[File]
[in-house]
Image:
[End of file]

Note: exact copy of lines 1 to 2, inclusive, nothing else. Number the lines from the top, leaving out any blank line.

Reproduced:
[in-house]
Image: